It’s only taken me half of January to get back online, but the holiday hangover is not at fault.
Sadly, I was knocked flat by whatever plague it is that I caught at work just before Christmas. I blame the customers who cough into their hands, wipe their noses with their fingers, then proceed to pick up everything in the cheese case and then touch the cheese samples with their bare, germy fingers (ignoring the tongs and the toothpicks, of course—those are just there for everyone else, right?).
(I’m not trying to shame anyone. Well, maybe a little bit. But mostly, I think we all just need a reminder to be more mindful of how our decisions affect others during cold and flu season.)
There’s nothing like getting wiped out by a cold to get you thinking about how to maintain an optimal state of health. For me, that means making sure I’m eating more than enough fruits and vegetables, drinking enough water, exercising at least five days a week, getting more than seven hours of sleep, and taking vitamins for extra measure.
I don’t want to live forever, but I also don’t enjoy spending several weeks sleeping in a sitting position because I will stop breathing and choke on my own snot if I lay down.
For many people, the new year provides a similar impetus toward health-related introspection–flu-bug or not.
Around mid-December, a lot of customers started asking for low-salt and low-fat cheeses. In the week after New Year’s, requests for lactose-free cheeses started snowballing. Add to this any number of fad diets, and you practically have to become a nutritionist to be a cheesemonger.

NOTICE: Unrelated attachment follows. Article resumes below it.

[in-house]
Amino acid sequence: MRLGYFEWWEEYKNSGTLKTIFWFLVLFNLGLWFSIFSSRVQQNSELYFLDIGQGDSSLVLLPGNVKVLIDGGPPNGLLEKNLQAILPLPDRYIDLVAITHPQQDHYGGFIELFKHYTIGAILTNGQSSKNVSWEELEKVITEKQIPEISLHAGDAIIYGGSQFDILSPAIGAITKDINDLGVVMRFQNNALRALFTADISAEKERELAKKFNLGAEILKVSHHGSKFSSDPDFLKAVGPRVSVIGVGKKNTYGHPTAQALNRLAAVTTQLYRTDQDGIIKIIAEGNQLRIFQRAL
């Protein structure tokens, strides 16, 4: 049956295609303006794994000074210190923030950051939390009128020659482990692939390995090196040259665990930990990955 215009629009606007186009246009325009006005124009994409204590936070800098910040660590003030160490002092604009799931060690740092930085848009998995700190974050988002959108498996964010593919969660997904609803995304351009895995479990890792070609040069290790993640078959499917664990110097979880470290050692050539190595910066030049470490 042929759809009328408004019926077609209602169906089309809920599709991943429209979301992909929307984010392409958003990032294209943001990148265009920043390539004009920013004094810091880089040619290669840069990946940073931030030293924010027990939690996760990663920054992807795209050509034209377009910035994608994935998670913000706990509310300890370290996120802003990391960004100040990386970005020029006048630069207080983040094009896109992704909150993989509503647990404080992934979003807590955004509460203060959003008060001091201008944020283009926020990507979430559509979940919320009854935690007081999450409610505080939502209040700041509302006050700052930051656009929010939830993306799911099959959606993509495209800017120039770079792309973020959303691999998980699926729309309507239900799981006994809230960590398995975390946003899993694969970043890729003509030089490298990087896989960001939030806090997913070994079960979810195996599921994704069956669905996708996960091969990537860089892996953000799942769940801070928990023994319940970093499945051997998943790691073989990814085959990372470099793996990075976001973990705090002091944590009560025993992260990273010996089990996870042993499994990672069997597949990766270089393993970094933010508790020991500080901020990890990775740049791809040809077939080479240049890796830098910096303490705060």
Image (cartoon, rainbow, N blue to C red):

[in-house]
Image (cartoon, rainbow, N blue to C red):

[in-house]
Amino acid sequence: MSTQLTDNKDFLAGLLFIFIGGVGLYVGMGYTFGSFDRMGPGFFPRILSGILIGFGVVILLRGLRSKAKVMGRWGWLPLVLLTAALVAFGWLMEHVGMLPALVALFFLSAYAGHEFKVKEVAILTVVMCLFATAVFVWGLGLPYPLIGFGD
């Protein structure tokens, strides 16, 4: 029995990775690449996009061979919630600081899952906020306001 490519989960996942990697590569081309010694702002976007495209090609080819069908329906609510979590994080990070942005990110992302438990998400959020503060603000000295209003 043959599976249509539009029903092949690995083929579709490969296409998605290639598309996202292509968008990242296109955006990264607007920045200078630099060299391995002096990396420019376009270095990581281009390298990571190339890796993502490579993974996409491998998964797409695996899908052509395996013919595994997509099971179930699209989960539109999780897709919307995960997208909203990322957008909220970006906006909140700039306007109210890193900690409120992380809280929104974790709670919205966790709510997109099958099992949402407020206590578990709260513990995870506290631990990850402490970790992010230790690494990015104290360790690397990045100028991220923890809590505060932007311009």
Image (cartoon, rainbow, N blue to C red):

Questions like these remind me more than ever that people know so little about the foods they eat–and that it is the duty of the cheesemonger to provide as much accurate information as possible.
When I was a young produce clerk, I would become irritated when customers would, say, demand strawberries in December, and then get mad when the strawberries they got tasted like fleshy, bland sacks of water. Obviously—or so I thought—things taste better when they are in-season and are not flown in from a bazillion miles away just so you can eat them when they are out of season because you will die if you cannot eat fresh strawberries in the dead of winter.
Now, as a seasoned cheesemonger, questions that used to rankle my collar produce educational moments. The customer who demands “Swiss cheese” will most certainly walk away from my counter having learned the term “Alpine-style cheeses,” as well as at least a cursory understanding of what that means.
Knowing when things are at their best and knowing how they are categorized are just small parts of understanding the things we put into our mouths. The questions my customers ask at higher frequencies in the holiday aftermath get at the inner workings of the food supply chain.
For example, a customer asked me last week if our New Zealand Cheddar was 100-percent grass-fed–and if not, what percentage exactly that diet was made up of grass.
I could lie, but I don’t; I’m honest, perhaps to the point of being blunt.